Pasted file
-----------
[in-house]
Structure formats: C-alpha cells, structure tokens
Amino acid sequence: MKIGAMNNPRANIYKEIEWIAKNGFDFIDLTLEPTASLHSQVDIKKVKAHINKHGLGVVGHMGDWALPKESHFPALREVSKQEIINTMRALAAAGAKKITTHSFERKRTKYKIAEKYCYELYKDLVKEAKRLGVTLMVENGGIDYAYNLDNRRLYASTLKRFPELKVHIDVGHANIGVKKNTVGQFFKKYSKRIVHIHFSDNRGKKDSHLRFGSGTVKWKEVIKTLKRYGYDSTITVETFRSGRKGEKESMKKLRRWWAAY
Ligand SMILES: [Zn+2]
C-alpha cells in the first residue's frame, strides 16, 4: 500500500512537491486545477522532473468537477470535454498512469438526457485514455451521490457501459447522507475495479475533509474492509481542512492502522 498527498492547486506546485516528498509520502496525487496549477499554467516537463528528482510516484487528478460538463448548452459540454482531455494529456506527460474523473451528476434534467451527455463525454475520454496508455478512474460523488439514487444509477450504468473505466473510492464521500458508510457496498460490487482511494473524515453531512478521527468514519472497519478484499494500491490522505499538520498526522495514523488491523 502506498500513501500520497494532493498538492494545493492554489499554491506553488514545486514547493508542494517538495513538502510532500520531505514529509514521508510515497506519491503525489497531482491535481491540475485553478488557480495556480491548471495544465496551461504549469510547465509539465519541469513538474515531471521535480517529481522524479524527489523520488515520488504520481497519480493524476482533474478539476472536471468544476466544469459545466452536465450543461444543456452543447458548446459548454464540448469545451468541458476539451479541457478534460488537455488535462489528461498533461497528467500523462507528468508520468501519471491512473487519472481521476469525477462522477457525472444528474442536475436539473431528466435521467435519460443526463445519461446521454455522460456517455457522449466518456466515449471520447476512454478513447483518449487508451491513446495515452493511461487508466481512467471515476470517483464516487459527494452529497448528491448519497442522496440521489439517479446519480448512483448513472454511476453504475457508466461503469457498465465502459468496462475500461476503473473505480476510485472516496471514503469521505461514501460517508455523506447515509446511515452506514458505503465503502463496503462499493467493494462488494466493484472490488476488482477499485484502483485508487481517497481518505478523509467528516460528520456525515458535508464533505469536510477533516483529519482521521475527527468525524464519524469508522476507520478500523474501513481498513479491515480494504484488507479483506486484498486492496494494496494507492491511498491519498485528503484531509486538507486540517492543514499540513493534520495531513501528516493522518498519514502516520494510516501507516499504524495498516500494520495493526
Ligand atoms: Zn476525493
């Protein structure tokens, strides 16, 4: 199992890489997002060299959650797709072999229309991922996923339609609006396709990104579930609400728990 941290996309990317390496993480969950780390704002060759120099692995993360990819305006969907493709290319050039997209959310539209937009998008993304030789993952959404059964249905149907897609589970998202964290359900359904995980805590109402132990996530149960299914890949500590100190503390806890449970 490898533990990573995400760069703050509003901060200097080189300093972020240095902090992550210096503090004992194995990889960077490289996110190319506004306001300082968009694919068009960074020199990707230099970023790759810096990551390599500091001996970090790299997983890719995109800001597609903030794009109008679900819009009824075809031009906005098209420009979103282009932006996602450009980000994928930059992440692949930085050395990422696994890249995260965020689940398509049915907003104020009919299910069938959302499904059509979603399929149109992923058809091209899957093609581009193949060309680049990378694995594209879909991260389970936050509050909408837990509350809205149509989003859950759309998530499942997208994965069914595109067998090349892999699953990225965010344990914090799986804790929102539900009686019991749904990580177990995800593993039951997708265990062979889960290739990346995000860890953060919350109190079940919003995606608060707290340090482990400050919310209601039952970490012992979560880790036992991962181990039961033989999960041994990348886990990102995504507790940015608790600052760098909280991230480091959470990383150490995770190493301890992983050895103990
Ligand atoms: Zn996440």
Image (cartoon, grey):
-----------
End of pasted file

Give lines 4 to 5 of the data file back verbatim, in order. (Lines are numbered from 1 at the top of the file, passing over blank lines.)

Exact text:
Ligand SMILES: [Zn+2]
C-alpha cells in the first residue's frame, strides 16, 4: 500500500512537491486545477522532473468537477470535454498512469438526457485514455451521490457501459447522507475495479475533509474492509481542512492502522 498527498492547486506546485516528498509520502496525487496549477499554467516537463528528482510516484487528478460538463448548452459540454482531455494529456506527460474523473451528476434534467451527455463525454475520454496508455478512474460523488439514487444509477450504468473505466473510492464521500458508510457496498460490487482511494473524515453531512478521527468514519472497519478484499494500491490522505499538520498526522495514523488491523 502506498500513501500520497494532493498538492494545493492554489499554491506553488514545486514547493508542494517538495513538502510532500520531505514529509514521508510515497506519491503525489497531482491535481491540475485553478488557480495556480491548471495544465496551461504549469510547465509539465519541469513538474515531471521535480517529481522524479524527489523520488515520488504520481497519480493524476482533474478539476472536471468544476466544469459545466452536465450543461444543456452543447458548446459548454464540448469545451468541458476539451479541457478534460488537455488535462489528461498533461497528467500523462507528468508520468501519471491512473487519472481521476469525477462522477457525472444528474442536475436539473431528466435521467435519460443526463445519461446521454455522460456517455457522449466518456466515449471520447476512454478513447483518449487508451491513446495515452493511461487508466481512467471515476470517483464516487459527494452529497448528491448519497442522496440521489439517479446519480448512483448513472454511476453504475457508466461503469457498465465502459468496462475500461476503473473505480476510485472516496471514503469521505461514501460517508455523506447515509446511515452506514458505503465503502463496503462499493467493494462488494466493484472490488476488482477499485484502483485508487481517497481518505478523509467528516460528520456525515458535508464533505469536510477533516483529519482521521475527527468525524464519524469508522476507520478500523474501513481498513479491515480494504484488507479483506486484498486492496494494496494507492491511498491519498485528503484531509486538507486540517492543514499540513493534520495531513501528516493522518498519514502516520494510516501507516499504524495498516500494520495493526